“That’s poison oak!” my mother shouted, grabbing up a paper bag in which to deposit my treasure.

My head swelled up like a pumpkin. I missed several days of school. And I learned to admire the beautiful leaves from afar. We have no poison oak or even ivy in our yard, just summer detritus. I am, as of yet, admiring it from afar too.

The Farmers Almanac says Indian Summer must occur between St. Martin’s Day (November 11) and November 20. For over 200 years, The Old Farmer’s Almanac has adhered to the saying, “If All Saints’ (November 1) brings out winter, St. Martin’s brings out Indian summer.”

They may need to amend their saying now that climate change is upon us. Everything weather is a little wonky these days. I guess you could say that for people too.

The most probable origin of the term, in our view, goes back to the very early settlers in New England. Each year they would welcome the arrival of a cold wintry weather in late October when they could leave their stockades unarmed. But then came a time when it would suddenly turn warm again, and the Native Americans would decide to have one more go at the settlers. “Indian summer,” the settlers called it. Farmers Almanac

God willing, no one will jump from our bushes.

Something Old, Something New…

Redesigning a website is like entering into a marriage. You’ve come to a crossroad and things change. You stop and reevaluate, reconfigure, and wiggle around the bits and differences until pieces fit together, the old and the new.

This photo from Ocean City is part of the old. I couldn’t part with it. Now it’s the first shot in the new slider. I like the crossroad of land and sky and water. There’s an old couple who struggled together up the dune to look. They, too, are at a crossroad. I like to imagine they have come to the ocean for years on vacation and played in the surf. Now they stand and remember.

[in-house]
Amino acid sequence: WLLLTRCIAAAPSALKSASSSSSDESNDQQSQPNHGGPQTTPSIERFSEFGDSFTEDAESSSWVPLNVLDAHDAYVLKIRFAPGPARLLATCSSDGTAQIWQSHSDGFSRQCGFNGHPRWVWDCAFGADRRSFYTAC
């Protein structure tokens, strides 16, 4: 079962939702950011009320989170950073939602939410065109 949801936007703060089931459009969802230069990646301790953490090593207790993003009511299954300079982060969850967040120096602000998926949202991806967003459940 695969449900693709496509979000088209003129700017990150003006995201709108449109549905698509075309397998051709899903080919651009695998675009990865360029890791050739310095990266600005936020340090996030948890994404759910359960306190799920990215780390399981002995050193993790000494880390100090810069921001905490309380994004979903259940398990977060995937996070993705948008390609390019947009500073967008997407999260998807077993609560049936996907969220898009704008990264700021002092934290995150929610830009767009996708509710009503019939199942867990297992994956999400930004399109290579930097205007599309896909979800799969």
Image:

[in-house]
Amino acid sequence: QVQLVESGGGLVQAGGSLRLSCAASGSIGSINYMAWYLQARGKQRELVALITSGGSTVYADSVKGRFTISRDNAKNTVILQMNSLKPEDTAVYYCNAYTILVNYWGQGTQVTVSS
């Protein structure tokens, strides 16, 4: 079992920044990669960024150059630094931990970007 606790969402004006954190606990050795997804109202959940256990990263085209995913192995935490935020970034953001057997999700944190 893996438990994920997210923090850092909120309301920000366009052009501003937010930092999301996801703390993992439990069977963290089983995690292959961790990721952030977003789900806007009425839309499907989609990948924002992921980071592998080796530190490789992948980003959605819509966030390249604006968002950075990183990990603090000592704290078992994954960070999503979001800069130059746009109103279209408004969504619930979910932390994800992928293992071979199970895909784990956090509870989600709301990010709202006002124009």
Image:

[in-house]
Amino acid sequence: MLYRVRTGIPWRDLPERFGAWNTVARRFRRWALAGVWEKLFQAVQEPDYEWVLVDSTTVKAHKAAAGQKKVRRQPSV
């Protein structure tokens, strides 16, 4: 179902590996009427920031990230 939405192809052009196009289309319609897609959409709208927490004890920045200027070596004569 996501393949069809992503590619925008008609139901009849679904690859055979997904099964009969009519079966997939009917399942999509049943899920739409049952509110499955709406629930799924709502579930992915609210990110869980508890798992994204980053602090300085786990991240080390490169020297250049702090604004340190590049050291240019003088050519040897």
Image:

The second photo in the slider, Prairie Nights, is from our family farm. My husband and I live in a crossroad city, Kansas City, and travel to Ocean City, where my husband spent much of his childhood, and to the farm, where I spent much of mine.

The old blog posts are still here in a new format, but the sidebar is gone, so readers will need to scroll down to the bottom banner which has links to the categories. Another old/new is the Publication Page with old images but in a new and updated style.

I’ve often stood at a crossroad. My crossroads usually read STOP on the side I can see, but the destination is written on the reverse side in ink fated to remain invisible for an unknown span of time. I stop, reconfigure, and head off somewhere, not knowing where or why I’m going, but trusting I’ll eventually understand.

Sort of like now. I’m at the crossroad between finishing a memoir and finding an agent to walk with it and me into publishing. That’ll be new—I expect I’ll keep you posted. While there is no end to advice or lists to finding an agent, the bottom line, as in all the arts professions, is who you know. So if you know or have an agent who might like a woman who wanders, let me know.

The completely new and figuring-out-how-it-works on this site are the pages for Workshops and Services. Two years ago, a stop sign ended twenty years of adjunct college teaching. Now I’m teaching through Workshops. I like teaching and I’m glad it’s evolved.

A year ago, a stop sign left us without a place to hold church services, but the Services page will offer us as presiders at weddings and memorial services. I’ve been a Spiritual Mentor/Counselor for more than twenty years. It was time to make it more public.

Please wander around in the new site. Let me know if you like it or if something doesn’t work for you. At base, we’re all in this together.

One last piece of new: in this new design, I’m working with Jen Wewers who has a great eye and knows social media. If it’s time for you to reconfigure, I highly recommend her.

 

Social Evolution vs. Political Revolution